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Ram Dass – Aging into Awakening
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What You’ll Discover in These 4 Modules
In this 4-part intensive, Ram Dass and his beloved guests will guide you through the fundamental spiritual skills and competencies you’ll need to make friends with the changes that occur as you age and to transform the way you relate to death.
Each contemplation and training session will build harmoniously upon the previous ones so you’ll develop a complete holistic understanding of the practices, tools and principles you’ll need to sustain your humor, honesty and connection to the reality of the aging process while building a community of interconnectedness with other like-minded individuals.
The course modules consist of a one-hour broadcast of a video or audio teaching from Ram Dass directly followed by a 30-minute Q&A session hosted by a different faculty who is one of Ram Dass’s beloved Guru brothers and sisters.
Module 1: The Nature of Aging as Change
Change is all around us; we are fascinated by it. But when it comes to aging — when change starts to happen to who we think we are — the fascination turns to fear. What’s more, our zeal for independence and individuality has separated us from the structures of family, community and nature that give meaning to aging. We are so heavily identified with our physical form that our resistance to aging becomes a burden on our soul. Is there a place to stand in relation to the changes of aging that is not rooted in fear?
In this module, you’ll explore:
How we’re living in a system that’s out of balance and treats aging as a problem
How the Eastern concept of aging embraces the changes that come with aging, and how they clearly define the roles of elders
The physical changes associated with aging, and how it’s possible to break out of identification with our physical form
The psychological changes associated with aging, and the way we struggle to maintain emotional security by clinging to the past, rather than embracing the present; in other words, we can learn to Be Here Now
How it’s possible to witness and even enjoy the changes that come with aging while cultivating equanimity, spaciousness and clarity through deep spiritual work
Q&A With Raghu Markus
Raghu Markus currently is the Director of Ram Dass’ Love Serve Remember Foundation and the Host of the Mindrolling Podcast on the Be Here Now Network. Raghu spent two years in India with Maharaj-ji and Ram Dass. He’s been involved in music and transformational media since the early 1970s when he was program director of CKGM-FM in Montreal. In 1974, he collaborated with Ram Dass on the box set, Love Serve Remember. In 1990, he launched Triloka Records and Karuna Music in Los Angeles, California. Triloka established itself as a critical leader in the development of world music, and for 17 years was home to artists such as Krishna Das, Hugh Masekela, Walela, Jai Uttal and transformational media projects featuring Ram Dass, Deepak Chopra and Les Nubians. He owns Yatra Media and lives with his wife in Asheville, North Carolina.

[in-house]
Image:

Module 2: Awareness & the Shift From Ego to Soul
How can you shift from identifying with your ego to identifying with your soul? It’s only through identification with your soul that you can face aging and death without fear. If you’re identified with your ego, the combined self-image of your body and mind, then you’re destined to face the perils of aging in a constant state of suffering.
In this module, you’ll discover:
The difference between the soul and ego structures
The planes of awareness and consciousness, and how you need to “change the channel” in order to shift your perspective
How to break free of the patterns of attractions and aversions that keep you caught in separateness
The concept of the “witness,” a tool to help grow your awareness
How the aging process becomes grist for the mill of your soul’s awakening and is part of the curriculum of your soul’s work
Q&A With Mirabai Starr
Mirabai Starr writes creative nonfiction and contemporary translations of sacred literature, especially the Spanish mystics, John of the Cross (Dark Night of the Soul) and Teresa of Avila (The Interior Castle and The Book of My Life). She taught Philosophy and World Religions at the University of New Mexico-Taos for 20 years and now teaches and speaks internationally on contemplative practice and inter-spiritual dialog. Mirabai met Ram Dass in 1975 at the Lama Foundation when she was fourteen, and has been a devotee of Neem Karoli Baba ever since. Her newest book, Caravan of No Despair: A Memoir of Loss and Transformation, dedicated to Ram Dass, received the Spirituality & Practice “Best Books of 2015” award. God of Love: A Guide to the Heart of Judaism, Christianity & Islam, also the winner of numerous awards, is dedicated to Maharaj-ji. She lives with her extended family in Taos, New Mexico, home to the wondrous Hanuman Temple and the only Neem Karoli Baba ashram in the West.